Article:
Teaching writing is fulfilling and challenging at the same time. Writing is a complex process that encourages students to explore thoughts and ideas, and make them visible and concrete. It challenges thinking and learning by motivating the student through communication and makes thought available for reflection. When the student writes down their thoughts, ideas can be examined, reconsidered, added to, rearranged, and changed. Students are allowed to find their voice and share it with others.
In order for writing to encourage thinking and learning, it must be viewed as a process by the student. Once the student views writing as a process that everyone uses in a different way, they will experience much less pressure or “writing phobias” and experience much more success the first time around. They will also be more willing to experiment, explore, revise, and edit. Of course, all this comes with practice, practice, and yes, more practice!
Students will go through several different developmental writing stages–the novice, the transitional writer, the willing writer, and finally, the independent writer. Just as there are different stages of writers, there are different styles of teaching writing to those writers. A few of the styles include: the controlled to free approach, the free writing approach, the paragraph-pattern approach, the grammar-syntax-organization approach, the communicative approach, and the process approach. Your student’s learning style and your teaching style will help you make decisions regarding which method or methods to use. There are also online excellent curriculum resources available for folks who think they are not up to teaching their student about writing, or just don’t have the time to put into teaching writing effectively.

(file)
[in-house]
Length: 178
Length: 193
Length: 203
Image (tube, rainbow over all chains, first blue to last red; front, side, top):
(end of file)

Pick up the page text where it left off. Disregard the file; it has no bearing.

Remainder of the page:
Writing prompts are a fun way to encourage writing. Prompts take some of the pressure off the student by guiding them, especially in getting started. Graphic organizers are another great idea for aiding students in the writing process. I think the most important thing students have to understand about writing is that is can and should be fun rather than a chore that is dreaded. Once students view writing as something that is fun, their excitement level ratchets up and the “chore” becomes enjoyable.